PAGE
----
Does health and happiness dip in your 40s? These 7 simple changes could make a big difference

Performance nutritionist and Peak 40 author Marc Bubbs tells Lisa Salmon about the lifestyle habits that can keep us energised through mid-life

SURELY mid-life - a point at which we've found success, be it personally or professionally, and figured out what we need - should be a time of contentment?

A recent study by researchers at Dartmouth College in the US, however, found happiness tends to dip to a lifetime low in our late-40s.

The research, which looked at 15 fundamental measures of health and wellbeing - including fatigue, sadness, tension, anxiety, depression and sleeplessness - in people from all over the world, revealed a U-shaped 'happiness curve' which bottomed out from age 41-48.

"In midlife, the alarming fact is that despite what professional, material or personal success you've achieved after years of effort and dedication, as well as the miracle of kids for many and/or a wide social network, research shows happiness dips to a lifetime low," says Dr Marc Bubbs, a performance nutritionist who works with professional and Olympic athletes and has just written new book Peak 40: The New Science Of Mid-Life Health.

Bubbs says this dip can bring significant adverse effects for our mental and physical health too.

"It doesn't have to be this way," he adds.

"Small changes, done consistently over time, are the secret to success - and not the latest fad diet, trendy exercise regime, or biohack."

Bubbs suggests seven simple strategies to help people approaching, or already in middle-age, improve their health and wellbeing...


Bubbs says the average person only gets six-and-a-half hours sleep per night, and 30 per cent of people get less than six hours, even though the National Sleep Foundation recommends adults get seven to nine hours nightly.

"Insufficient sleep makes it more difficult to disengage from negative thoughts, lowers mood, kills your libido, and sparks excessive inflammation," warns Bubbs.

"Recovery, better energy and libido, and more effervescent mood starts with sleep. Aim for at least seven hours nightly, and consider adding short 20-minute power naps around midday, or on weekends, to refresh your mind and combat stress."

Performance nutritionist and Peak 40 author Marc Bubbs


Although getting your day off to a good start with the right breakfast can make a huge difference to how you feel and perform, most common breakfast foods - like juice, cereal and bread - come in boxes and bags and are ultra-processed, calorie-dense and nutrient-poor, says Bubbs.

Breakfast is also the meal where we often consume the least protein, which is a problem for energy, focus and overall health, he adds. To reboot your breakfast, Bubbs suggests aiming for at least 20g of protein from eggs (or tofu scramble for vegans), yoghurt, milk (dairy or soy) or protein powder in a morning smoothie.

Small changes, done consistently over time, are the secret to success - and not the latest fad diet, trendy exercise regime, or biohack

Dr Marc Bubbs 


It's all too easy to grab a sweet snack at the end of a long, busy day, but Bubbs says: "All that snacking before bed is a key reason why you may be struggling with weight gain or poor health in mid-life."

He says more than 40 per cent of the calories we consume are eaten or drunk after 6pm, and they're a "major roadblock" to a slimmer waistline, deeper sleep and recovery.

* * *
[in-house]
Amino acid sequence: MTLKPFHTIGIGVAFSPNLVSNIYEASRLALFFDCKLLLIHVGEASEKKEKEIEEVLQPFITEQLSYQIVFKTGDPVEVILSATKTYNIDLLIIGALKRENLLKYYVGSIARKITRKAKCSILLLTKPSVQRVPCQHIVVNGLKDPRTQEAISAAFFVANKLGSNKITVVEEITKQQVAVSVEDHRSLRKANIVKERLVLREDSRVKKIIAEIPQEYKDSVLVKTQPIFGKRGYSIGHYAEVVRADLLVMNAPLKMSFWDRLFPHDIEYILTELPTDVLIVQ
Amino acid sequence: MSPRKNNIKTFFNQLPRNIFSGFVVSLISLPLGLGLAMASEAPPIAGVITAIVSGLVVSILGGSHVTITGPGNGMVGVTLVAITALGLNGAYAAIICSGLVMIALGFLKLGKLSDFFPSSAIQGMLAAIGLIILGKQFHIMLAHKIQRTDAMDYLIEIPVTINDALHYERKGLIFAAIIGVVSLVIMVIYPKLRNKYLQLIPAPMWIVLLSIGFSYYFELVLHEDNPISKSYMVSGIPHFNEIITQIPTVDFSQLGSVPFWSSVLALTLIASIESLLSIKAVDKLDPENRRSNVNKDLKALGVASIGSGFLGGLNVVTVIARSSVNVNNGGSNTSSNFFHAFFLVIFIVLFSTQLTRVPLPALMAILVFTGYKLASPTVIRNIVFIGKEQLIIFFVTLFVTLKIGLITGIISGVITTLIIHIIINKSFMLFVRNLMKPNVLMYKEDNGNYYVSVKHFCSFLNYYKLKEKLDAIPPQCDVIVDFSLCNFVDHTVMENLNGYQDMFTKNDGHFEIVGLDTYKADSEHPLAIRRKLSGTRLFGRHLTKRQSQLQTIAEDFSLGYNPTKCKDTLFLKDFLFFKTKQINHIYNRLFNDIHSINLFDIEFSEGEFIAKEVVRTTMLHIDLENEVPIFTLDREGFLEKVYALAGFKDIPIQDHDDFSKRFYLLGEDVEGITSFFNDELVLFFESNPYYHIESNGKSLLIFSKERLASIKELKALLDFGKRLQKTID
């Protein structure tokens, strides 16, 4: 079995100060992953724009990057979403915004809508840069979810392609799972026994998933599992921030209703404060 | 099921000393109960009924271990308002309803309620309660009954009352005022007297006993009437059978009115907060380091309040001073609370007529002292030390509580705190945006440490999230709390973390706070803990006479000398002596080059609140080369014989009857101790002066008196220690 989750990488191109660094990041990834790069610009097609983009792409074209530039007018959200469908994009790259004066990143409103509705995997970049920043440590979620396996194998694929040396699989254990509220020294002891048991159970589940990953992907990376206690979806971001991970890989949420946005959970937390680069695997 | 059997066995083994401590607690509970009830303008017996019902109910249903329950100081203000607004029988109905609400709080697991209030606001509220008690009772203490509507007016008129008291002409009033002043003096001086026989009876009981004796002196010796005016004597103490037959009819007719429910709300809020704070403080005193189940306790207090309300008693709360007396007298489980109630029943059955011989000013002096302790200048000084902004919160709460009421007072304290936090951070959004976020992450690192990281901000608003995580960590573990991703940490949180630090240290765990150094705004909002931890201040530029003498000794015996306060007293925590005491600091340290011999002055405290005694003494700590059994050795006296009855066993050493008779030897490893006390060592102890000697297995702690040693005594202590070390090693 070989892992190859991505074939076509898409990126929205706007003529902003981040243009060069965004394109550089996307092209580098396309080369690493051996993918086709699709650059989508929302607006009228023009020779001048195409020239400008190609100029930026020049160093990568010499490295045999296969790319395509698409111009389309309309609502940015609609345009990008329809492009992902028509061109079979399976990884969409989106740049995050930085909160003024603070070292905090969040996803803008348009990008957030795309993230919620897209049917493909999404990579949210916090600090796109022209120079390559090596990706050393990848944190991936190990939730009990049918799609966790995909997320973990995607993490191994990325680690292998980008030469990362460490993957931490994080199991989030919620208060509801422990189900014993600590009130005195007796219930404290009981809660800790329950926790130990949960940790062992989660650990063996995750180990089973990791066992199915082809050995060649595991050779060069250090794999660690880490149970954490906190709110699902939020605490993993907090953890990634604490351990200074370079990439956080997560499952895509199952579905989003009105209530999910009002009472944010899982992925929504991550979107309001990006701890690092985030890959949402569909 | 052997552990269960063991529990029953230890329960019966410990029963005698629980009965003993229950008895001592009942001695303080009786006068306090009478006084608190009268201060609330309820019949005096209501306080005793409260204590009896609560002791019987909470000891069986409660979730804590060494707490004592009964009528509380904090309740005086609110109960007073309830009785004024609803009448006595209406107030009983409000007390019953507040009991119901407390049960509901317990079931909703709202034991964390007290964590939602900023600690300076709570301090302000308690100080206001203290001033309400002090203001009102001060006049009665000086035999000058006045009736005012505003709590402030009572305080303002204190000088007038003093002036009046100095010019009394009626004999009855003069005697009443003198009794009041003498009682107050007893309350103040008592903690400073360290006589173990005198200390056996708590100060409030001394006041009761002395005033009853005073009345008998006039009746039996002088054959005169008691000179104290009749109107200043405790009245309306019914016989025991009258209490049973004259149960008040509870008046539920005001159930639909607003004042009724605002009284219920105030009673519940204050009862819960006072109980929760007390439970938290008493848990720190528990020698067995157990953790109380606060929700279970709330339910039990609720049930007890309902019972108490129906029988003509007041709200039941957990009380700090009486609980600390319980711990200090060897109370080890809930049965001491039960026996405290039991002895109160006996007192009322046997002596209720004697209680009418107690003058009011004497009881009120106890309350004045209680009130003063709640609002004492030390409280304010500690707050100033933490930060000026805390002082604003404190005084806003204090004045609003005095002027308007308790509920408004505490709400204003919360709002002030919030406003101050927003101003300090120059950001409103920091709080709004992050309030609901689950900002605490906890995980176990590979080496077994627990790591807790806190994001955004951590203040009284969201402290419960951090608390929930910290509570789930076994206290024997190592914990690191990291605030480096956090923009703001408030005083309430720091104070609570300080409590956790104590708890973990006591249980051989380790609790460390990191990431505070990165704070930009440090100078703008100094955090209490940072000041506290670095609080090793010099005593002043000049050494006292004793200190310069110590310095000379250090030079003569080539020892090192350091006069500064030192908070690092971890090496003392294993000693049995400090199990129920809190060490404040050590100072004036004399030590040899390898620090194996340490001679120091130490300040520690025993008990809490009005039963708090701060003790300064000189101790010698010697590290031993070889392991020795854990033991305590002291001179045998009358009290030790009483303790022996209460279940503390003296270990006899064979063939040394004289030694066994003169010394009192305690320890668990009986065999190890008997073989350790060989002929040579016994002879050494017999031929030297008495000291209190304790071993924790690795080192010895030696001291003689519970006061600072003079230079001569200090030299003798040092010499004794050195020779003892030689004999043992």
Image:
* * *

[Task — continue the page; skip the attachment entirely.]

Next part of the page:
While protein is important for maintaining muscle, what often gets missed, says Bubbs, is that protein intake also correlates strongly with overall health and longevity.

"People consuming a higher amount of protein see a parallel increase in their vitamin and mineral intake," he explains.

"It supports lean muscle, which is a strong marker of healthy ageing, and builds everything in your body from immune cells to hair, skin and nails, etc."

It's "highly unlikely" you can eat too much protein, he says: "Centre your meals around protein and you'll be amazed at the benefits."


Bubbs points out that by middle-age, studies suggest a third of middle-aged adults don't do any physical activity at all.

"Exercise is a powerful tool for igniting better health, lifting your mood, building muscle and shedding body fat - especially in mid-life," he says.

If you don't exercise already, he suggests starting with gentle movement like yoga or tai chi, and building up to resistance training and/or aerobic exercise, perhaps starting with walking or cycling and eventually progressing to running or HIIT workouts.

"No drug in the world can do what movement can for your health," Bubbs stresses.


Bubbs points out that change takes time - and most people want overnight results, which just don't happen.

Middle-aged people need to map out a long-term strategy and stick to it, he advises, setting goals six, nine or 12 months ahead, rather than trying to achieve everything quickly. Doing it this way will "dramatically increase your odds of success", he promises.


Use your initial inspiration, motivation and discipline to build lifestyle automaticity - aka habits - where you simply 'just do it', without having to think about it or make a decision.

Bubbs explains: "You just eat the right breakfast, hit your daily steps, and go to bed on time because you've repeated the action so many times, it becomes second nature."

Peak 40: The New Science Of Mid-Life Health For A Leaner, Stronger Body And A Sharper Mind by Dr Marc Bubbs is published by Chelsea Green, priced £10.99

Peak 40: The New Science Of Mid-Life Health For A Leaner, Stronger Body And A Sharper Mind by Dr Marc Bubbs, published by Chelsea Green

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